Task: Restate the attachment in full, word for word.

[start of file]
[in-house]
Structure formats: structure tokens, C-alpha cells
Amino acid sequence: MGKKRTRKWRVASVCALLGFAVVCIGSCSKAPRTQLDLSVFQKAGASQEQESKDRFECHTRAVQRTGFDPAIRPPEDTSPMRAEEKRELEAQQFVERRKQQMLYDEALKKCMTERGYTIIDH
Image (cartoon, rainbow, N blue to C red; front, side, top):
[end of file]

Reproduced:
[in-house]
Structure formats: structure tokens, C-alpha cells
Amino acid sequence: MGKKRTRKWRVASVCALLGFAVVCIGSCSKAPRTQLDLSVFQKAGASQEQESKDRFECHTRAVQRTGFDPAIRPPEDTSPMRAEEKRELEAQQFVERRKQQMLYDEALKKCMTERGYTIIDH
Image (cartoon, rainbow, N blue to C red; front, side, top):